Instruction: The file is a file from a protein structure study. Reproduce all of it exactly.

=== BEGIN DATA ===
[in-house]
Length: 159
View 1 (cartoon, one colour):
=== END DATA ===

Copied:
[in-house]
Length: 159
View 1 (cartoon, one colour):